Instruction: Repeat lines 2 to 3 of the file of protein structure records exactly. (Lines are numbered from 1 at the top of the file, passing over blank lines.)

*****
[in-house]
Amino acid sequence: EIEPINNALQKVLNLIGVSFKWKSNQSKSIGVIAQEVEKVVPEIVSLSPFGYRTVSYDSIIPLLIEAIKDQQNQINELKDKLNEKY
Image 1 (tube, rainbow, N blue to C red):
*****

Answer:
Amino acid sequence: EIEPINNALQKVLNLIGVSFKWKSNQSKSIGVIAQEVEKVVPEIVSLSPFGYRTVSYDSIIPLLIEAIKDQQNQINELKDKLNEKY
Image 1 (tube, rainbow, N blue to C red):